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Full text of "Poland Russia and Great Britain 1941-1945"

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out, as it were, again, and put before the two parties as an attempt to bring
hostilities to an end ... It is fair to say that it was from the outset only
intended to show the minimum amount of territory which should be assigned
to Poland in the east. It is also true to say that the British delegation at
the Peace Conference consistently maintained that any further eastward
extension of Polish territory beyond the Curzon Line would be highly
dangerous to Poland, and before the Treaty of Riga was signed in 1921, we
several times warned the Polish Government against such extensions.
Mr. Ivor Thomas : " Is the Secretary of State able to confirm that the
Soviet Foreign Minister, Chicherin, replied to Lord Curzon that the
Curzon Line was unacceptable because it was too unfavourable to the Poles ?
Mr. Eden s " I am familiar with that one. It is absolutely correct, and
the reason for that was that in the belief of the Soviet Government at that
time a district which I think is called Chelm was thought by the Soviet
Government to be on the Russian side of the Curzon Line,* and they said,
and rightly said, that that was Polish territory, and they did not agree with
the Curzon Line in regard to that particular area.
" I go to the next stage which is significant—August, 1920. At that time,
the opposite happened to what had happened before. While at the earlier
date the Curzon Line was proposed to the Soviet Government by us with
the approval of the Polish Government, at the later stage to which I am
referring the Soviet Government, in their turn, approached the Polish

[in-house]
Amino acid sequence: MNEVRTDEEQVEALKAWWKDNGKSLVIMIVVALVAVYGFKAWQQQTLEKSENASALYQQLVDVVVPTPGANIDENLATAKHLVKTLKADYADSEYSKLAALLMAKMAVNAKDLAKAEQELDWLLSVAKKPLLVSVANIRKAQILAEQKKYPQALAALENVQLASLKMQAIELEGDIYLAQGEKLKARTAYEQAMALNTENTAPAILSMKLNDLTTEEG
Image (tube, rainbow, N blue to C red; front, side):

Government with a proposal—which was approximately in fact the Curzon
Line—and the Polish Government asked our opinion. We then told the
Polish Government in 1920—the Soviet Government having communicated
to us the text of the terms—that we considered such terms would leave
ethnological frontier unimpaired, and we urged them, the Polish Govern-
ment, not to refuse these terms.f
" I would like to refer to another matter which I think we must try and
* It could not have been the Chelm district, since Chelm Jies to the west of the
river Bug in central Poland.
f On July 17th3 1920, Chicherin sent a telegraphic reply to Lord Curzon* s pro-
posals. The Soviet Government rejected these proposals on the grounds that they
considered It superfluous that the governments grouped in the League of Nations
should interfere in the matter of the peace between Russia and Poland. On the
contrary, the Soviet Government desired to negotiate with Poland direct and was
prepared in that event to grant her a more advantageous line than that proposed
by Lord Curzon. That paragraph in Chicherin's reply ran as follows :—
<c Direct negotiations with Poland are in full harmony with the wishes of the
Soviet Government and it declares, therefore, that if the Polish Government
addressed to Russia the proposal of entering into peace negotiations, the Soviet
Government will not reject its proposal and will also consider in the most friendly
spirit any subsidiary proposal as to an armistice or some other means meant to
facilitate peace negotiations. The Soviet Government expresses also its willing
ness to agree to a territorial frontier more favourable to the Polish people than
frontiers indicated by the Supreme Council in December last and again proposed
by the British Government in its ultimatum of July 12th. The Soviet Govern-
ment cannot leave without notice the fact that this frontier was elaborated by the
Supreme Council in some parts under the pressure of counter-revolutionary
Russian elements, adherents of Russian capitalist and landed class."
This attitude on the part of the Soviet Government was repeated in Kamieniev's
letter to Lloyd George on August 5th, 1920, in which he also stressed that the
Soviet Government " abide most firmly by their recognition of the freedom and
independence of Poland and also by their readiness to give the Polish state wider
frontiers than those suggested by the Supreme Council and communicated in the
British Note of July 10th."
(See Vol. I, p. 95).